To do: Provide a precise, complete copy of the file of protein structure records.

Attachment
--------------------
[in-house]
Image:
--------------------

[in-house]
Image: